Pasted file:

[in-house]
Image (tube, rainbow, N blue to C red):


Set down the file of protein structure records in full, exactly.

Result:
[in-house]
Image (tube, rainbow, N blue to C red):